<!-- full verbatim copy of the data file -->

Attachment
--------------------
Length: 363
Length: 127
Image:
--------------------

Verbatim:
Length: 363
Length: 127
Image: